Shifty-eyed lumberjacks: 5 burning questions about Team N.B.'s Canada Games pins
We demand answers.
Think of a symbol that represents New Brunswick. What comes to mind?
A lighthouse, maybe. A boat. A black-capped chickadee?
What about a burly, bearded, axe-wielding lumberjack?
A cartoon lumberjack and female "lumberjill" — sporting tuques and carrying menacing tools of the trade — are the official team pins for New Brunswick athletes at the 2019 Canada Games in Red Deer.
It's an interesting choice. And we have questions. The first being:
1. Why lumberjacks?
The short answer, according to Team New Brunswick communications lead Bruce MacFarlane, is "that's what the design people came up with … forestry is a popular source of employment here."
Another contender was a puffin — a bird rarely seen in New Brunswick except on Machias Seal Island.
Denise Miller of the Kingston Peninsula "comes from a long line of lumberjacks."
Her family owned the Waddell Mill at Reed's Point, and "my great uncle Bung [Waddell] I would consider a lumberjack. He's 85 and still goes out into the woods with his chainsaw pants on and does his thing."
She said she doesn't really see the connection with Team New Brunswick.
"I guess lumberjacks are tough? Lumberjills are obviously tough? It never dawned on me to compare [lumberjacks] to an athlete."
None of the athletic events at the 2019 Winter Games, MacFarlane confirmed, involve axes.
2. Why are they cut up?
Two characters carrying axes with severed heads, arms and torsos could lead some imaginations in a disturbing direction.
"Why are they chopped up? The pieces are concerning. What happened? Did they have a fight?" Miller asked.
There's no need to worry, according to MacFarlane.
"What we've noticed is that other teams have used multiple-piece pins in the past and Team New Brunswick decided to try something new," he said.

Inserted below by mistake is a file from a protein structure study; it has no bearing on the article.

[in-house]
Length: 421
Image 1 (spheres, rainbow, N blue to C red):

Trading pins, according to MacFarlane, is the "unofficial sport" of the Canada Games.
The pins have a total of eight pieces, including a Team NB logo and stylized New Brunswick boat insignia.
Ross Harris, the owner of Loyalist City Coins and Books in Saint John and an expert on collectible pins, said the dismembered lumberjacks are "unique."
"It's probably going to make them fairly collectible simply because people are going to want to get them all and put it together," he said.
"I haven't seen one like that before."
3. What's a lumberjill?
Neither the Merriam Webster or Oxford English Dictionary contain an entry for the word "lumberjill."
Urban Dictionary — a less authoritative source — defines a "lumberjill" as "the female equivalent to a lumberjack," and, in this case, one with red lipstick and more than a passing resemblance to Lois Griffin from the hit animated TV show Family Guy.
4. What's with the facial expression?
Both the lumberjack and lumberjill seem to shun direct eye contact — instead gazing to the side with a shifty expression.
According to MacFarlane, the sidelong looks indicate their steely determination.
"He's a man on a mission. Same with the lumberjill."
5. Where's their safety gear?
While the Canada Games/Red Deer/Team New Brunswick branded gear might be stylish — it's not practical for serious logging activity, according to Miller.
"The axe is cool, but they have no safety pants on and no chainsaw boots," she said.
"I'm a little concerned about their attire. This has worker's compensation written all over it."
That said — Miller would "support Team New Brunswick no matter what."
There's no doubt the pins will be a conversation starter, according to MacFarlane, when the games get underway on Feb. 15.
"We feel that the lumberjack and lumberjill are going to be the hottest trading pins in Red Deer."